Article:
Kyle Dubas' stock in the hockey world soared during the summer as he went from a bright, young executive in the Ontario Hockey League to a bright, young executive in the National Hockey League in what seemed like a blink of an eye.
Dubas, the assistant general manager for the Toronto Maple Leafs, sat down with NHL.com for a 20-minute interview inside Air Canada Centre at the start of training camp. He talked about everything his new job has to offer, including the challenges.
Some of what he spoke about was included in a feature on the developing three-way relationship between Dubas, Toronto president Brendan Shanahan and general manager Dave Nonis.
Here are five questions and answers that were left on the proverbial editing-room floor. It's Dubas talking about the publicity he has received since being hired in July and labeled as the Maple Leafs' new analytics guru, analytics in general, how he is integrating change into the organization and more:
On defining analytics and using them with Nonis, Shanahan and Maple Leafs coach Randy Carlyle:
"Analytics is a term everyone uses, but right now hockey is at such a primitive stage. People want to use the term analytics or sabremetrics because that's what baseball does and baseball is the most advanced. But hockey is at such a primitive stage and we're just beginning to know which metrics are meaningful and which ones are noise. We're still in those beginning stages of it. So with them [Nonis, Shanahan and coach Randy Carlyle] it's been educating. Here's what we can measure, here's what it does measure, and a lot of it, because they've had such great careers in hockey, intuitively they know it. It's just trying to add more backup and data to it."
On his thoughts on the best way to integrate change into an organization:
"I think you have to sit down with everybody, and in my case it's a bit easier because I've worked in hockey every day since I was 11 years old so I come from a hockey and scouting and hockey operations background. I know the way a coach's office runs, a dressing room runs, a hockey office runs. So it's just trying to not be abrasive about it, to slowly integrate it in, and when everybody is asking questions not to scoff and be pompous about it. Some of these terms and things that we're measuring people are unfamiliar with and it's up to us educate and integrate them into the organization."
On if he's been embarrassed by the amount of publicity he has received, which is far more than normal for an assistant GM even though he is the youngest in the League at 29 years old:
"Yeah, I do [get embarrassed]. At times it's been a little bit overwhelming and really I guess embarrassing. I have never won a thing in hockey. It's come to a point of being a battle in the media because you have some people in the media who are anti-analytics and stats and some people who are pro. They fight with each other and that whips it up into a frenzy. When a team hires someone who is pro-analytics these guys say, 'I told you so,' and the other media take a stance and they just fight with one another. That creates the publicity for it, but I haven't won anything in hockey."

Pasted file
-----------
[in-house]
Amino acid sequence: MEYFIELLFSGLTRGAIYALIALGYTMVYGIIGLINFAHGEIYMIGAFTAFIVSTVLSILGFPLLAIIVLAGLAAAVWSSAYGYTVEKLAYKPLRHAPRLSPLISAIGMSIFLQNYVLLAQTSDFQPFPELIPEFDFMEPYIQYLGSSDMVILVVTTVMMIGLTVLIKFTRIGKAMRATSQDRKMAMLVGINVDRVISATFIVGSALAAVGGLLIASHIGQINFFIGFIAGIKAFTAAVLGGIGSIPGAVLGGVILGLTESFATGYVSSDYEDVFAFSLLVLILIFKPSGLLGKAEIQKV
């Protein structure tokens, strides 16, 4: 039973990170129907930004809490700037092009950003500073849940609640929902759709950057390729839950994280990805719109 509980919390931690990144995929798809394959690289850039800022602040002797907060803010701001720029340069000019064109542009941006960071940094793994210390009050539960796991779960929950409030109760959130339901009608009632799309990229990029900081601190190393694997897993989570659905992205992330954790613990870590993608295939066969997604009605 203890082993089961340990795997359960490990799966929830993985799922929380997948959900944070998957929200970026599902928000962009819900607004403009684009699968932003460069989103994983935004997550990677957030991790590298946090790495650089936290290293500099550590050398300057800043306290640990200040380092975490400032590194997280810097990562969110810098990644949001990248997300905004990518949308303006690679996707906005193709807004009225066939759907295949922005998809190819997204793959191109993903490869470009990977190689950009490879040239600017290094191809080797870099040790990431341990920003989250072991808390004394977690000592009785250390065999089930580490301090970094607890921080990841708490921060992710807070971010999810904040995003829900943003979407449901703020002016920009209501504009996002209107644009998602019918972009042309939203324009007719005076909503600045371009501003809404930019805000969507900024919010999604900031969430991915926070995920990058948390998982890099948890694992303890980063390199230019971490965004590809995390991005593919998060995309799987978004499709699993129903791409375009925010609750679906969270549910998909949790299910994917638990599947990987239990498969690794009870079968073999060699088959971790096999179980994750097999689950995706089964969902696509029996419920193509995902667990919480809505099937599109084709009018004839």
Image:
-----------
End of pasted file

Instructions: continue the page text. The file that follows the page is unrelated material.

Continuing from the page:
On why he thinks fans and media jumped to the conclusion that Shanahan hired him without input from Nonis, who was not present at the press conference to announce Dubas' hiring:
"Brendan came on in April and whenever someone new comes into a position of power they expect change and they expect it's going to be that new person bringing his guys in. Dave's son had an operation the day I was announced and Dave wasn't there, so even though they announced that before people said, 'OK, sure, whatever Dave should have been there.' I think that's nonsense. If we ever hire anybody and I'm supposed to be there but one of my family members has an operation, I'm not going to be there. That's just the way it is. I think that's why it took that life to it. It's just noise. It doesn't bother Dave or Brendan. It's something for people to talk about."
On if he believes the Maple Leafs will change into a team that tries to cycle in the offensive zone a lot more because of analytics:
"We didn't talk specifically about the style the team was going to play. In talking to Brendan and Dave they wanted us to have better players. They started before I got here by adding [Petri] Kontiola and [Mike] Santorelli, and bringing back Leo Komarov. We didn't get into the style of play we want to execute, but now having talked with the coaches I know we want to be a team that plays with more skill and makes more plays, exits our zone with control, enters the opposition's zone with control. I think that lends itself to more shots and more offense. Everyone, especially from the analytics side, they look at teams that have performed well by those measures and they look at Chicago and L.A., but they are two totally different offensive teams. L.A. plays more of that [grinding, cycle] style and Chicago plays more of a rush style with tremendous speed and skill. There is not just one way to do it. There are many ways to be successful and I think our coaching staff is on the right track."